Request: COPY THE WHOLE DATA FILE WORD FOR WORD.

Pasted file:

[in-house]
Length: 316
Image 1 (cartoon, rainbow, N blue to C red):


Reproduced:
[in-house]
Length: 316
Image 1 (cartoon, rainbow, N blue to C red):